In January, they’ll have to start filing those allowances for every flight landing in or taking off from a European airport. The carriers assert that the EU’s directive violates principles of free navigation embodied in the Open Skies deal of 2007 that opened European and American air travel to competition, and the Chicago Convention, a longstanding bulwark of international travel rules. This legal challenge pits the U.S. airlines against a vast coalition of countries, agencies, and environmental groups. That coalition includes the 27 member countries of the European Union, as well as Norway, Iceland and Switzerland (which collectively represent a far larger economy than the United States), the British Civil Aviation Authority (the case was originally filed in Britain, which has responsibility for U.S. carriers in the EU scheme), and an array of U.S. and European environmental organizations–including the Environmental Defense Fund, Earthjustice, and the World Wildlife Fund-UK. Also going against the airlines are most European carriers, like British Airways and Air France, which have been living with the system already governing intra-European flights since January of this year, and have a clear interest in a more level playing field.

Tim Johnson, Director of the London-based Aviation and Environment Federation, another of the environmental groups supporting the EU, comments, “They want American carriers in the scheme so there will be no competitive disadvantage.”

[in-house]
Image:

The battle lines are already being drawn. Sitting in the courtroom during oral arguments at the court last July were representatives from the United States, China and India, all of which have threatened retaliatory measures if the airlines lose.

Over the same week of Sept. 26, when the EU announced its free emission allocations to the world’s airlines – United, American and Continental among them – representatives of the U.S. State Department and FAA were holding a meeting in Delhi with their Indian counterparts to develop a united front opposing the EU’s initiative. Thus far, some twenty countries, including Brazil, Canada, Korea, Russia, South Africa, Saudi Arabia, Qatar, the Philippines and Paraguay have indicated they’d sign on to the U.S.-India coalition. Meanwhile, in July, the U.S. House of Representatives passed a measure authored by Republican John Mica, Chair of the Transportation Committee, that would specifically prohibit U.S. carriers from complying with the EU’s initiative – which, if passed by the Senate, would provide U.S. carriers with a no-win option of either complying with American or European law, but not both. “If the airlines go to the mat on this,” said Gabriel Sanchez, a Senior Research Fellow at the International Aviation Law Institute at De Paul University in Chicago, “there’s no longer going to be a ‘law’-war, there’s going to be a trade war.” 

Who owns the skies?

The airlines and the Obama administration assert that the proper place to apply airline greenhouse gas limits is at the UN’s International Civil Aviation Organization, assigned responsibility for the issue by the Kyoto Protocol. The EU and its allies counter that its efforts to do so over the past decade have been repeatedly foiled by U.S. and industry pressure.